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Infertility in Men and Women: Its Causes and Treatments

By Nora R. Miller, MD, infertility specialist at Yale Medicine’s Greenwich Fertility HealthDay Reporter

THURSDAY, May 18, 2023 (HealthDay News) -- Infertility can be a heartbreaking experience for couples who are desperate to have children, but doctors can help them figure out why they can't conceive and then treat the problem.

Infertility is defined as the inability to conceive after 12 months of unprotected intercourse. If the woman is 35 or older, then she is considered infertile after six months of trying without getting pregnant.

Primary infertility is when the woman has never been pregnant. Secondary infertility is when the woman has conceived in the past, but now is having difficulty doing so. One in six couples face infertility.

The first step is to acknowledge there is a problem and seek professional guidance.

Usually, a reproductive endocrinologist will perform an evaluation if infertility is suspected. This includes testing both partners.

Tests for male infertility

The male partner should undergo a complete semen analysis. This analyzes the semen volume, count, motility and morphology.

A normal volume confirms that the man’s ejaculatory system is connected. The presence of sperm confirms that he is fertile. The motility determines what percentage of his sperm are alive after one hour. Lastly, morphology involves the shapes of the sperm. Only a small percentage of sperm are normally shaped and able to fertilize eggs.

Tests for female infertility

The female partner undergoes a hormonal evaluation, including testing her thyroid and prolactin (the milk hormone that should only rise while pregnant or breastfeeding). Her ovarian reserve is assessed with anti-mullerian hormone which determines, in a crude manner, the quantity of her eggs. Follicle-stimulating hormone determines the quality of her eggs and is tested at the beginning of her menstrual cycle.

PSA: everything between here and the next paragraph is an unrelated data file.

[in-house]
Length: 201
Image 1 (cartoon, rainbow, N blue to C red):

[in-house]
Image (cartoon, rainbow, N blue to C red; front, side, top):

An ultrasound exam is also performed to assess the uterus and ovaries. Specifically, looking at the ovaries to determine the antral follicle count (the number of eggs available to grow during the current cycle) and to check for abnormalities (cysts, for example). The uterus is measured and checked for abnormalities (such as fibroids).

Next, a hysterosalpingogram is conducted. It's a noninvasive way of assessing the uterine cavity for abnormalities and the fallopian tubes for any obstructions.

To perform the test, a small tube (catheter) is inserted into the woman’s uterus. Then, contrast is sent through the catheter into the uterine cavity and the fallopian tubes. In the meantime, X-rays are taken.

Lastly, it's important to confirm that the woman is ovulating. This can be achieved with a detailed medical history, testing urine for the telltale luteinizing hormone surge or by testing blood levels of progesterone after presumed ovulation.

Whatever the diagnosis is, treatment helps couples conceive more quickly and easily.

Treatments for infertility

Artificial insemination

For unexplained infertility, artificial insemination is an effective treatment. On the day of ovulation, the male partner collects a fresh semen sample. The sample is then washed. In this process, the volume is concentrated and the dead and abnormally shaped sperm are removed. Then, the sperm is put in a catheter and the sample is placed directly inside the female partner’s uterus. This is painless and only takes a few minutes to do in the doctor's office.


For severe male factor or tubal factor infertility (when the fallopian tubes are blocked), in vitro fertilization (IVF) is often recommended. A woman is given hormone injections to help her mature multiple eggs simultaneously. The eggs are then removed from her body with a minor procedure done under anesthesia with ultrasound guidance. In the laboratory, the eggs are identified and counted and then fertilized with sperm.

If it is a severe male factor, the embryologist will inject one sperm into each egg to ensure fertilization. The embryologist checks to see which eggs have fertilized normally the next day. The embryos are then grown, to see which of them develop to the blastocyst stage. By reaching this milestone, the embryo is more likely to be viable.

Many embryos will stop growing before reaching this stage. Testing of embryos to determine if they are genetically normal or carry a disease is also an option. This enables doctors to select a genetically normal embryo to use for pregnancy.

Women who are 35 and older are at much higher risk for abnormal embryos (such as Down syndrome), so embryo screening is often recommended. After preparing the uterus for pregnancy, a woman undergoes transfer of her embryo. The embryo is placed in a catheter and this is used to transfer the embryo into her uterus. The procedure takes minutes, and success rates with IVF are very high.

As I have seen in my practice at Yale Medicine's Greenwich Fertility Center, with multiple treatment options, many couples are able to conceive and have a healthy baby.

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